The UK’s first pharmacy to offer undergraduate students hands-on experience with patients has received an education award.
Health Education North Central and East London (HE NCEL) handed a Quality Award for collaboration and partnership in health education to Green Light Pharmacy in Euston, London on Wednesday (December 3) for its “innovative and cutting edge” training of undergraduates in collaboration with University College London (UCL).
As part of the initiative, UCL students were “immersed” in the daily workings of the pharmacy, including advising patients on which drugs to take for minor ailments, supporting patients with long-term conditions and supervising methadone consumption, the university said.
Green Light education and training lead Simon Harris told C+D that the pharmacy’s basement had been turned into an education centre in 2012 to allow students to practise their communication and counselling skills. Students did not traditionally have a lot of contact with patients until their pre-reg year, which Mr Harris had found to be a problem when overseeing trainee pharmacists in the past, he said.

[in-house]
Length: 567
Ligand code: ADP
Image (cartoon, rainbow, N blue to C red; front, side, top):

“We didn’t know for sure [the project] was going to work, but it’s turned out to be incredibly successful and the feedback from the students has been amazing,” he told C+D. It was “exciting” to be recognised for “years of hard work” by winning the award, he added.
UCL school of pharmacy director Duncan Craig labelled the project a “game changer” for educating his students, which showed what could be achieved when “practitioners and education providers worked together for a common goal".
HE NCEL said its award was designed to recognise “where education and training has brought people together to collaborate across organisational boundaries”. Green Light’s “unique” training had resulted in a “new approach to student learning”, it added.